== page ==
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September 25, 2016
Infinite Number of sounds Mike Hovancsek : Turbulent Calm (US/..,rec.2010, 2011)***'
This is the second release of Mike Hovancsek I have heard. It shows the simple enjoyment of improvisation on somewhat more exotic-sounding instruments in combinations that aren’t heard before so easily, like the zither/koto-like instruments, like the kayagum, then also Indian tabla or frame drum, native American flute, and violin and Indian singing and bells. Mostly the improvisations are slightly melodic with some spontaneous harmonies and a bit of progression, the result is safe and simple like warm ups into a combined new world music mood. The last track has a trumpet improvisation. One short improvisation is more free.
It features guest appearances by Joe Culley (tabla, ragini), Hee-sun Kim (kayagum), Samuel Salsbury (violin), Jim Cole (harmonic singing), River Guerguerian (frame drum), Margot Milcetich (vocals), and John Kuegeler (trumpet).
Standing Rock Cultural Arts Rec. Mike Hovancsek : Temporal Angels (US,2010)***'
This album is the result of some improvisational sessions between musicians of ethnomusicological origin and comparable interests. I think the goal has been to create a common sense of improvisation with differently tuned instruments and different sounds. This is like a tuning in, into these different tuning systems, harmonies and balances between instruments with a certain freedom left for improvisations with and within all these modes and sounds. Like a form of mediation with a stepping in improvisation, this is before any compositional or melodic interference or development of architectural ideas, a next step of creative dis-balance, dialogue, conflict, metamorphosis or new combinations or invention takes place. The improvisations take place between eastern modes with a westernised vision. Just the combinations of instruments is unusual, and also, the common grounds mingle. We hear for instance Vietnamese tunings mixed with western. On the longer track “Pralyas” two parts occur of which the second part of crumhorn with gu zheng becomes challenging on a sonic voice-seeking like level. On “Somniloguy” the Unitarian Universalist Choir (led by Hal Walker) creates a choir with voice as a mixture of a drone with a few common tones with changes of intonation and with some voices coming through, mixed with a Third Ear Band-alike oboe and koto improvisations. Most of the tracks are neither world music neither new music or folk, only the last track with middle eastern clarinets (shahnai), didgeridoo, bells and gongs, through its simple conga percussion sounds like a new world music work shop of improvisation, reveal a bit too much of its unprepared state. The strength lies in the area that keeps a state of tuning into the world, a common sense, at the same time this first step is also its limitation. As a loosely conceptual musical foundation in a moody sense this surely is successful.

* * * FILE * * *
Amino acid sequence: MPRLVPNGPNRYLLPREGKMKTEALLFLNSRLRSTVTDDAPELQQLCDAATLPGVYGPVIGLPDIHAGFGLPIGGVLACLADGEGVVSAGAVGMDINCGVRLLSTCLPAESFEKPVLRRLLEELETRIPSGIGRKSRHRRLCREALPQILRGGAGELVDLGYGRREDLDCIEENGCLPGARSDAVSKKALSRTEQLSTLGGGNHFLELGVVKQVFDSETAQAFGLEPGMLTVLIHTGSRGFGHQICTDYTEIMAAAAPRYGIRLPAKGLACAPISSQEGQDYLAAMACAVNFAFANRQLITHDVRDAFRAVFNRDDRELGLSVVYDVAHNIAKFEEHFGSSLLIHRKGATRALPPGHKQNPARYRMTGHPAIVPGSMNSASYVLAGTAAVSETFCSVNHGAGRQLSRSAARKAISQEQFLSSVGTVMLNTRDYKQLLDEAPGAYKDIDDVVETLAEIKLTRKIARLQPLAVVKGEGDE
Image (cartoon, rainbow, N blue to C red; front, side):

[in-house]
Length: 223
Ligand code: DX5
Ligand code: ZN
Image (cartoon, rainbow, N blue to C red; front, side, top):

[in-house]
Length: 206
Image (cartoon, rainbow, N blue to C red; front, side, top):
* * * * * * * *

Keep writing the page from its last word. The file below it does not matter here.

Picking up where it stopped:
Homepages of the diverse cooperators :
* Dr Phong Nguyen : http://phong-nguyen.com/
* Halim El-Dabh : http://www.halimeldabh.com/
* for David Badagnani see http://www.melodyofchina.org/01artists/nonchn.html